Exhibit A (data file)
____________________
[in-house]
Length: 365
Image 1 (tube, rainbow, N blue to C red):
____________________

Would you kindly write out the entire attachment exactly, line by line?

[in-house]
Length: 365
Image 1 (tube, rainbow, N blue to C red):